This is a rough cut.
Cut a little bit outside all your lines.
You don’t have to be too fussy about it and it doesn’t have to be super even – just leave a little extra all the way around the edge.
Step 4: Fuse to the Fabric
Now comes the fun part.
Fuse all your pieces to your fabric.
Lay them paper side up (adhesive side down) on the back side of your fabric.
If your fabric has a print, make sure it’s running the way you want.
I made sure the stripes were running across the tights, and that I liked the way the birds were arranged on the dress.
Iron in place following the instructions on your fusible adhesive – every brand is different so you need to read the instructions.
Step 5: Cut Out the Pieces
Now is when you’re going to do your careful cutting.
Remember how you traced some edges of your pieces with a dotted line back in Step 2? That’s going to be useful now.
Cut each piece out right on your solid lines.
Leave a little extra overhang where you have dotted lines – that will give you a bit of fabric to tuck under the adjoining piece.
If you click on the Step 5 image you can see what I’m talking about. I left the dress piece flipped over so you can see the dotted line at the top. That bit of extra fabric extending past the dotted line will tuck behind the head.
One more thing to do on this step – trace any features that need embroidering. In this case that’s the eyes and mouth. I included them when I traced the head back in Step 2, so now all I need to do is put the face piece fabric side up in a window. With the light behind them, the eyes and mouth will show right through the fabric. Just trace them on the fabric with a fine marker. Make sure you do this before you peel off the paper backing in the next step!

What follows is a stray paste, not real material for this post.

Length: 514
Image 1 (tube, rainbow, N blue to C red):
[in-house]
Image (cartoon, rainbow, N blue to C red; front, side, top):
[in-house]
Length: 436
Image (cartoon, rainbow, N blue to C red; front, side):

Step 6: Arrange and Fuse
This is my favorite part – putting it all together!
Peel off the paper backs and arrange all the pieces on your background fabric.
(I went ahead and quilted my pink background block to some batting first – this might end up being a quilt block.)
Take the opportunity now – before it’s all stuck down – to play around with the arrangement of the pieces. Adjust the tilt of her head, the angles of her pigtails, etc. I decided to make one leg stick out a bit like she’s getting ready to dance. Have fun!
When you’re happy with how everything looks, carefully fuse it all into place with your iron. Again – read the instructions on your brand of fusible adhesive. And remember that the temperature and steam setting for the final fabric-to-fabric fuse are often different than for the initial paper-to-fabric fuse.
If you want to see all these steps in video form – watch this video showing how I use fusible adhesive for all my quilt blocks.
Step 7: Stitch the Edges
And now for the final step – stitch down all the edges. Some people like to use a heavy satin stitch. Some use a zigzag stitch. I like to use a simple straight stitch in black thread. It’s a cartoony outline effect that really suits the loose style of my designs.
I stitched over her eyes and mouth twice with the machine. I could have chosen a heavier thread instead – or done bit of hand embroidery – but I was already at the machine so I just did it there.
That’s it! Now go look at all your embroidery patterns with fresh eyes. 🙂